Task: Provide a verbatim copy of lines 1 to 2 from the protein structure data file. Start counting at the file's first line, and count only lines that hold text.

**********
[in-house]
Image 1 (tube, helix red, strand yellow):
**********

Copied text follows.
[in-house]
Image 1 (tube, helix red, strand yellow):